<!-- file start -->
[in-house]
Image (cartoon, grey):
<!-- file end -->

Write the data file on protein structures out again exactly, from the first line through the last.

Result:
[in-house]
Image (cartoon, grey):